With a renewed vision, mission and values, we’re taking on advocacy for the streets of our future. To make our plan happen, we needed to create some new positions, and I’m so thrilled we got such an incredible pool of applicants from across the country and across Greater Portland. I hope you’ll join me in welcoming André, Anouksha, Henry, and Zeyaad to the team.

These four join an incredible staff already in place – our Education Director Lindsay, Events & Engagement Assistant Madi, and Clackamas County Safe Routes to School Coordinator Nicole are a force for the streets, plus they’re three incredible women I’d trust to lead me on a walk, bike, or transit ride anywhere in our region.

If you’re reading this, you’re seeing it on our brand new website. We’ve restructured to make it easier to find the information you’re looking for, and aligned the branding with the new Strategic Action Plan. You can learn a bit about the new and existing staff on this site as well. Look around, explore, and let us know if anything isn’t working by sending us an email to [email protected]

Along with the new website, we have new database, marketing, and payment systems, among others. This means we will be reaching out to many of you to confirm you want to stay on our email list, or to move your monthly donation to a platform that saves time and money and works better for our members and our future.

Finally, I want to make an announcement I’ve been keeping under my bike helmet for a little while: The Street Trust Board has invited me to stay on with the organization as the Executive Director and lead our organization in executing this plan. No more “Interim” uncertainty – I plan on leading with grit and determination, and using the platform this position provides to advance the vision laid out in the plan. I’ll steer the ship based on what our team hears from the members, partners, funders, decision-makers, and street users who make up our community.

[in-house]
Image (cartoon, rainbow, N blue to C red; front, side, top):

It’s an exciting time to be a part of #TST, and we can’t do it without your support. Right now would be an excellent opportunity to show your support for our new direction: please ensure your membership is up to date and renew your commitment to the streets of the future with a generous sustaining gift.

Thank you for believing in the future with us!

 

See you in the streets,

Sarah's signature, with a large Cursive "S" connected to the "arah"

Sarah Iannarone

Executive Director, The Street Trust

 

A list of Black people killed by police. A more complete and full list of names of Black people killed by police available at https://www.gonzaga.edu/about/offices-services/diversity-inclusion-community-equity/say-their-name

Our hearts break for George Floyd, his family, friends, and the Black community. We stand with Breonna Taylor and her community, and Ahmaud Arbery and his. Existing safely in public spaces as a Black person is a transportation issue and, more importantly, a human right.

Our heart goes out to the Black community who have, again, been denied the chance to fully heal from the wounds of anti-Black racism and the violence it elicits. We admire your resilience and will never stop fighting with you.

We are grieving, and we want to move together from grief to action. Please make a donation to these Black-led organizations on the ground in Minnesota and locally, and take action:

The Street Trust opposes the actions of City officials to limit peaceful protests against the killings of George Floyd and other Black bodies at the hands of the police. Streets are for people. If protestors want to use their public space to express their anger and demand change, then it is wrong for the police to demand they leave that space.